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The scale of our solar system

Posted by Emily Lakdawalla on 2011/05/02 11:26 CDT

Space.com has taken advantage of the infinitely scrollable nature of Web pages to produce a really cool infographic on the scales of orbital distances in the solar system.

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365 Days of Astronomy Podcast: What's up in the second quarter of 2011

Posted by Emily Lakdawalla on 2011/04/07 11:16 CDT

Regular readers of this blog will find the content of today's 365 Days of Astronomy Podcast familiar, because it's an update on what the solar system exploration spacecraft are up to, based on my monthly "what's up" updates.

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Welcome to Carnival of Space #191

Posted by Emily Lakdawalla on 2011/04/05 11:25 CDT

Welcome, everyone, to the Planetary Society Blog for the 191st Carnival of Space! Every week, a different webmaster or blogger hosts the Carnival, showcasing articles written on the topic of space.

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LPSC 2011: Kirby Runyon on Mars, the Moon, Hartley 2, and Ganymede

Posted by Kirby Runyon on 2011/03/15 01:57 CDT

Kirby Runyon, a second-year grad student at Temple University, offered to send me some writeups of selected presentations from last week's Lunar and Planetary Science Conference, and I enthusiastically agreed.

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LPSC 2011: Day 3: Moon, Mars, and Venus

Posted by Ted Stryk on 2011/03/10 11:11 CST

Wednesday morning included some interesting conversations. Notably, I spoke with Pamela Gay, who is responsible for the MoonZoo citizen science program and who is presently working on developing a site through which the public will be able to help search for potential Kuiper belt objects for the New Horizons mission to encounter after the Pluto flyby.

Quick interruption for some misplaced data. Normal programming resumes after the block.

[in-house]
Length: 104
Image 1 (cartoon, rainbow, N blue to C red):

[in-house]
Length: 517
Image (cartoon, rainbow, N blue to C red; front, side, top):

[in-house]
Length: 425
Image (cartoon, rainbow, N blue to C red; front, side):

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Martian timekeeping

Posted by Emily Lakdawalla on 2011/03/09 12:23 CST

While scanning through the talks scheduled for this week's Lunar and Planetary Science Conference I came across the following talk title: "Interannual and Seasonal Variability in the North Polar Region of Mars: Observations in Mars Years 29 and 30 by MARCI, CTX, and CRISM." My first thought was "hey, cool research spanning a long time period and across data sets." But my second was "Mars years 29 and 30? What does that mean?"

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Pretty picture: Viking 1 across Mars

Posted by Emily Lakdawalla on 2011/03/09 10:10 CST

Image magician Daniel Macháček has been turning his energies to Viking Orbiter views of Mars lately, with some stunning results, like the one below. I'm not sure how he makes images that look so sharp and clean and with such rich color out of the Viking Orbiter data.

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Endeavour on Opportunity's horizon: Are we there yet?

Posted by Emily Lakdawalla on 2011/03/02 03:45 CST

Last week the Mars Exploration Rover team dumped another 90 sols' worth of data from Mars into NASA's Planetary Data System, the national repository for space mission data. As I did once before, I dove into this fresh pile of data to pull out Opportunity's color views of the distant rim of Endeavour crater.

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A Planetary Society Trifecta

Posted by Charlene Anderson on 2011/02/25 03:25 CST

A Planetary Society trifecta -- that's what Neil Tyson calls this episode of his StarTalk radio show broadcast this week. His guests include the Society's Vice President, Heidi Hammel, and its Executive Director, Bill Nye, (along with the Society's friend, Steve Squyres, Principal Investigator for the Mars Exploration Rovers).